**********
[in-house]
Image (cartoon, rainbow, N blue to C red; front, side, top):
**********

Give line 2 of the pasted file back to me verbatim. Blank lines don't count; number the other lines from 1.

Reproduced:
Image (cartoon, rainbow, N blue to C red; front, side, top):